For the trail itself, 90% of it was fairly easy. It's mostly level and well-maintained trails. There's a little bit of climbing down-to and up-from the castle(s), but it's nothing too daunting.

hiking
2 months ago

Die meisten Teile sind als "easy" zu bezeichnen, lediglich die Passage an den Wuppersteilhängen ist etwas anstrengender. Leider ist ein Teil der Strecke nur auf der (wenig befahrenen) Straße möglich, aber der Rest ist einfach wunderschön. Start und Ende sind nur schwer mit ÖPNV erreichbar, daher sind 2 Autos erforderlich.

Easy to get to, very quiet place, easy hike. Some rocks are very slippery though! Waterfall is beautiful the trail is very well marked and you can't get lost!

hiking
3 months ago

What an amazing trail,, tons of water running and great views from tight canyons!! Only a 2.1 mile one way 4.2 round trip. Start in Germany and end up in Austria at the top. I would say is a moderate to easy trail. Breaitachklam trail A must is a must do if in the area.

hiking
3 months ago

Really a great trail. Almost completely shaded for the entire hike. There are plenty of intersections and although the trail is well marked I would recommend downloading the map prior to making the whole loop. The castle is worth the small fee (5.50) to visit. Also some neat small waterfalls along the creek back up after the castle not mentioned above.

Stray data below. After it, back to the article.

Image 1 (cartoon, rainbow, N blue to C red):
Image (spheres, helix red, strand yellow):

The first 2/3 of the trail was very scenic and full of trees with fantastic trails cut into the side of the hills. It would have been five stars but the last 1/3 of the trail wasn’t quite as scenic and you end up walking along a road and through the town.

Prachtige wandeling en heerlijk geluncht halverwege de route. Echte aanrader.

Super

Beautiful trail. Most of it runs parallel to a stream, and there are even a few places to stop along the way for a picnic lunch or a sit down restaurant. It was raining when I went, so if it's the same for your trip, be prepare with hardy boots!

super track best ever

Thursday, June 15, 2017

A great hike with views to make it worthwhile. if you don't take the gondola up or down make sure up walk to it as the best view of the basin can be found from it rather than higher up (peak was fogged in the day i was there). Most of the pics here don't to the lake justice (including mine, phone died before i went to check out the gondola), most beautiful alpine lake I've seen.

hiking
Monday, May 22, 2017

The Malerweg is a 112 km long loop trail through the Sächsische Schweiz National Park near Dresden.
The complete loop can be split in to multiple stages. The suggestion is to do it in 8 stages. This is the 5. Etappe (stage) from the Neumannmühle in Kirnitzschtal to Schmilka on the Elbe river.
The hike goes to the top of the Große Wildberg (the second highest mountain in the Sächsische Schweiz and then down to the Elbe valley into the little town of Schmilka. The majority of the trail goes through the forests of the national park, which is changing from a spruce tree forest to a mix between spruce, beech and oak trees.

Monday, January 09, 2017

Lovely view - great walk! You need to bring some condition with you and don't forget water in summer or hot tea in winter to drink :)

hiking
Friday, December 02, 2016